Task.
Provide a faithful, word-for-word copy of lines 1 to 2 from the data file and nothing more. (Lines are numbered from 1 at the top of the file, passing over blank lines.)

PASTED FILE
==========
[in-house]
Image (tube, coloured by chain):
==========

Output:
[in-house]
Image (tube, coloured by chain):